This is an interesting debate - as I have said, the response to my paper at MeCCSA was that much more work needed to be carried out about Media Literacy and our notion of what this is. Also there were considerations that the growth in FE was not being catered for by those with insights into new media texts (or even comfort with new media). I think there is a general concern in this area about many factors.As a media academic and educationalist I'd like to work on getting the critical abilities improved above all else (and from the feedback I have had this isn't only in my own subject). This doesn't only mean traditional critical approaches - and I don't think I would be a professional if I didn't take this stance.I certainly don't see the Internet/New Media as an add on in terms of studying the media. The 2.0 model seemed odd to me; as at UCE we already engage all of these elements through both new and old theoretical frameworks. I just had concerns about the assumptions related to media literacy and claims of what it should be in model 2.0 (I am most uncomfortable with the issue of student being 'savvy enough' to be critically aware, it just doesn't stand up from my experience).I welcome the debate, although I really didn't think the opinions were as polarised as you considered, I just think many people in HE are already doing what you outline (perhaps from a slightly different approach)and are keen to integrate ideas and pedagogy into lower levels too.If this was meant to provoke debate - that's good....but you have to remember that we (media/cultural studies academics)are constantly barraged with criticisms of the topic and subject and sometimes people can be....vehement! It's going to generate that feeling when anything is polarised.Overall,I see this as good - people care about the topic and their approaches to students!By the way - am I a 'head in the sand' or just 'surly'? ;-)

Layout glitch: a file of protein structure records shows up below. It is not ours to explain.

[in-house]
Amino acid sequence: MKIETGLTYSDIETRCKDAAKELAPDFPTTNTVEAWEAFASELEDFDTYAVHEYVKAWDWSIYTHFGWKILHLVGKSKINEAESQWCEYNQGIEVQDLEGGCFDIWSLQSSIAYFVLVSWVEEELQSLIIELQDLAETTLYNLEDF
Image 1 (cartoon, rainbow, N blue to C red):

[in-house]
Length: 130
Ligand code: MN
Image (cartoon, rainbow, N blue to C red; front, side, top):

Faye Davies, University of Central England.